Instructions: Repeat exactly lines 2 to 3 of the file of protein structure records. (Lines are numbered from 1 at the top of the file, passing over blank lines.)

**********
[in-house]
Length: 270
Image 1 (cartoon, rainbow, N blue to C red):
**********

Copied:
Length: 270
Image 1 (cartoon, rainbow, N blue to C red):